Laura: Hello Niko, what motivated you to want to get involved in One25?
Niko: Well, I’m quite new to Bristol and a friend of mine actually works here so I was aware of it and then I was just really interested because I’d never heard of a charity like it. So that was the first thing. And I think because I work in healthcare and I don’t know, it’s very different, providing a service that people actually want to be helped, y’know? I think that interests me quite a lot.
Niko: Yeah, I think it was… initially it was great because I was offered both, the van or the drop-in and just yeah it suits me better for the days ‘cause… I work night shifts… so days are better for me. And from my understanding, a lot of other volunteers do Monday-Friday 9-5 so it’s a bit easier for them to do the nights so I was happy… I was happy with either to be honest but yeah the drop-in day does definitely suit me better.
Laura: And how do you find drop-in generally?
Niko: Oh, it’s amazing. Yeah, it’s incredible. When I first started I didn’t really know what to expect so I think I was a little bit nervous. Although you get… you’re sort of prepped for it and your training. But it was absolutely fine. Because the drop-in staff are incredible and they make you feel totally at ease. And yeah, you just need to be yourself, y’know? Everyone’s human and you just have a little chat, either as little or as much as you want to get from it. Yeah I just left buzzing. My first shift… I remember being really tired actually, it was a lot more tiring than I thought it was gonna be… mentally.
""...you just need to be yourself, y’know? Everyone’s human and you just have a little chat, either as little or as much as you want... I just left buzzing.""-
Niko: Yeah, emotionally and mentally. But yeah, it’s just incredible. It’s such a nice space to be in. You don’t even realise the time… it’s just what’s going on there is the most important thing.
Laura: Yep yep, so you’ve just finished a drop in shift today… How was it? Could you talk us through how it went… was it typical?
Niko: It was a little slow starting… it’s always totally different… you might only have a couple of people but it’ll feel really really busy ‘cause they might need a lot of assistance and… it’s always different every day… which makes it really exciting. But it was typical in the way that the women got what they needed from us. Y’know, there wasn’t anything that none of us couldn’t help with… whether it was accessing the computers or the phones… the food went down a treat… and the cakes, as usual.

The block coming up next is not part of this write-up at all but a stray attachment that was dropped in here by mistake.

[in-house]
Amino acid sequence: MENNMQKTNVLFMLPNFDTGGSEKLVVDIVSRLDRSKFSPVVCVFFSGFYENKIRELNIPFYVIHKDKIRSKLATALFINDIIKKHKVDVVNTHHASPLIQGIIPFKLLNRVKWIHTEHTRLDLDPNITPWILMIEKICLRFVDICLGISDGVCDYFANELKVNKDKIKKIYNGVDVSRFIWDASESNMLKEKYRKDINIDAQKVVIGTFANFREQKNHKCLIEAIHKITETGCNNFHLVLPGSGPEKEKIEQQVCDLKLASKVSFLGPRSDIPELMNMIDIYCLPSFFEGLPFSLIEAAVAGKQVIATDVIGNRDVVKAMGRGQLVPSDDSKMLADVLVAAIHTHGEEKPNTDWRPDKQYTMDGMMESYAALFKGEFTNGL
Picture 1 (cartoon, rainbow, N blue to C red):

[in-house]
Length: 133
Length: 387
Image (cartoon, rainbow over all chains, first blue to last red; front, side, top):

Laura: What did you have?
Niko: Today was sausages with wedges and humous and veg. And then there were so many amazing cakes that everyone bakes. A good chocolate cake, a fruit cake, whatever you want. Also there was some fruit tart. Yeah, so that was all well received! And we also had a couple of visitors I think from the Vice team, came and donated a load of clothes. So it was really nice to meet them. But yeah, generally it was quite a nice afternoon.
Laura: Did you have any activities going on?
Niko: We were doing some sort of artsy crafty thing which I’m not great at but it was to do with the coming up of the 20th anniversary for the charity so we made some Happy 20th Birthday signs that hopefully might make it on the wall.
Niko: Yeah, one hundred percent. Yeah, even if you’re not here you’re still involved in the group emails and things that are up and coming. The training they put on’s amazing. So I’m always keen to come to as much training as I can. ‘Cause obviously, even if you might think you know it or it might not be for you, it’s worth just going because you always learn something and you get to meet everyone else. And each shift… you have your briefing, the drop-in staff talk you through everything that’s gonna be happening that day and then after you have debrief… and that’s great, it’s really important I think to have a little sort of check in.
Laura: So what happens in the brief and the debrief?
Niko: So in the brief we will discuss any potential women that might’ve been maybe banned from the service, or may be at a higher risk. So if they come in to maybe approach the drop-in workers… go to a more senior member. And… we kind of have a little chat about ourselves, how we all are, how we’re feeling so everyone’s sort of on the same page. And then we just run through basic sort of fire drill stuff or if something might happen, we’ve all got a role in what’s going on so everyone’s safe and got their backs covered. And then the debrief is just about who came in and what they accessed and just general well-being of everyone.
""...what’s not to like? Y’know, you’re doing good and it makes you feel good and these people really appreciate it" "-
Niko: Yeah I would, a hundred percent. I’ve thought about this because I’ve got a couple of friends that I know would just be perfect for it and it’s the kind of thing they talk about but don’t actually get involved in. And because I’m kind of here, I can sort of push it on them! I just think they and people who access the service would really benefit from it, y’know, in every way. And it’s just, yeah, what’s not to like? Y’know, you’re doing good and it makes you feel good and these people really appreciate it and it’s greatly well received. It might not be for everyone but I’d find it hard to believe it wasn’t. I don’t know… I’m not being biased but I just think it’s incredible.